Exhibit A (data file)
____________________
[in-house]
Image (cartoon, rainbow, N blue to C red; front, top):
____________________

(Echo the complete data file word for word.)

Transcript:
[in-house]
Image (cartoon, rainbow, N blue to C red; front, top):